Gray, D. (2012) Justice at its roots: the current state of research into summary proceedings and petty sessions in England. Invited Presentation presented to: British Crime Historians Symposium 3, The Open University, Milton Keynes, 06-07 September 2012. (Unpublished)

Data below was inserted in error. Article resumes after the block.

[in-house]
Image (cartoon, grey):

In 1986 Joanna Innes and John Styles called for the development of research into the lower reaches of the criminal justice system. Since then a number of projects have been completed, new sources have emerged and considerable new ground has been broken. This paper will provide an overview of the current state of research into summary proceedings and the role of the magistrate. It will identify some of the current themes in this research and consider a number of problems encountered by researchers and how these might be overcome. The importance of understanding the ways in which petty sessions and the semi-private hearings conducted by justices in the long eighteenth century has now been established. However, there is still much to be achieved. This paper will seek to illustrate ways in which the history of the development of petty sessions across the eighteenth and the evolution of police courts in the nineteenth can be considered in relation to a number of historiographical themes in the history of crime and punishment. Thus it will consider the importance of gender, class, policing, regional variation and the ongoing debate about the use and availability of the law.